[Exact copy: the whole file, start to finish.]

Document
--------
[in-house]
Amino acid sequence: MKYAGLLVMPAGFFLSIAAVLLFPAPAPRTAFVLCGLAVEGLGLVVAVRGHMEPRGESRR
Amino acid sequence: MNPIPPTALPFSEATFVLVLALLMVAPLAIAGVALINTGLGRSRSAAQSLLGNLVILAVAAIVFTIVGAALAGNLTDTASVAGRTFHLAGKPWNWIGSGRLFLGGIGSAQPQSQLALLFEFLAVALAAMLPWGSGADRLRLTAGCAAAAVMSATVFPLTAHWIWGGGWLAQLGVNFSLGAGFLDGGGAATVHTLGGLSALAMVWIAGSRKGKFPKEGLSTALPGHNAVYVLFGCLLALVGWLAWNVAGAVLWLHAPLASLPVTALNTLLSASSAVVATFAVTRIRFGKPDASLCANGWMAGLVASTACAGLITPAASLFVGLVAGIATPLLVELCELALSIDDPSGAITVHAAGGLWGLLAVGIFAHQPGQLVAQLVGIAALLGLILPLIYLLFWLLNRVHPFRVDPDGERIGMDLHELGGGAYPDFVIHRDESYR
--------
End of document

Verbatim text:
[in-house]
Amino acid sequence: MKYAGLLVMPAGFFLSIAAVLLFPAPAPRTAFVLCGLAVEGLGLVVAVRGHMEPRGESRR
Amino acid sequence: MNPIPPTALPFSEATFVLVLALLMVAPLAIAGVALINTGLGRSRSAAQSLLGNLVILAVAAIVFTIVGAALAGNLTDTASVAGRTFHLAGKPWNWIGSGRLFLGGIGSAQPQSQLALLFEFLAVALAAMLPWGSGADRLRLTAGCAAAAVMSATVFPLTAHWIWGGGWLAQLGVNFSLGAGFLDGGGAATVHTLGGLSALAMVWIAGSRKGKFPKEGLSTALPGHNAVYVLFGCLLALVGWLAWNVAGAVLWLHAPLASLPVTALNTLLSASSAVVATFAVTRIRFGKPDASLCANGWMAGLVASTACAGLITPAASLFVGLVAGIATPLLVELCELALSIDDPSGAITVHAAGGLWGLLAVGIFAHQPGQLVAQLVGIAALLGLILPLIYLLFWLLNRVHPFRVDPDGERIGMDLHELGGGAYPDFVIHRDESYR